The Jerusalem Post

Sherman: Geopolitic­s in 2021 are different from 2015

- • By TOVAH LAZAROFF and OMRI NAHMIAS in Washington

The Biden administra­tion is interested in rejoining the 2015 nuclear agreement with Iran, but it is impossible to return to the starting gate, because the world has changed in the six years since the deal was first signed, deputy secretary of state nominee Wendy Sherman said on Wednesday.

Speaking during her confirmati­on hearing at the Senate Foreign Relations Committee, she said that the Biden-Harris administra­tion wants to get back into the deal, “but to make it longer and stronger” and to use it as a platform to have negotiatio­ns on all areas of concern. It should be part of a comprehens­ive strategy and ensure that Iran will not create a nuclear weapon, Sherman said.

She previously served as the undersecre­tary of state under the Obama administra­tion and negotiated the JCPOA.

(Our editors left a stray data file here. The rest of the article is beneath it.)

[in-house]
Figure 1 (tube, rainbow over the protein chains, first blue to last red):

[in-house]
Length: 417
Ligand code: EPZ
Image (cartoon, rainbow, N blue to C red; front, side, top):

“We are in a very different place, the geopolitic­s are different” in 2021 compared to 2015, Sherman added.

Among the regional shifts she referenced were the four normalizat­ion deals the former Trump administra­tion had brokered between Israel and four Arab states.

These normalizat­ion deals with Israel were “a good thing,” and they have “changed the geopolitic­s of the region, and that means that one has to think of this in a different way because there are different elements on the table,” she said.

Sherman also reconfirme­d that the Biden administra­tion would be consulting with Israel and the Gulf states with respect to Iran.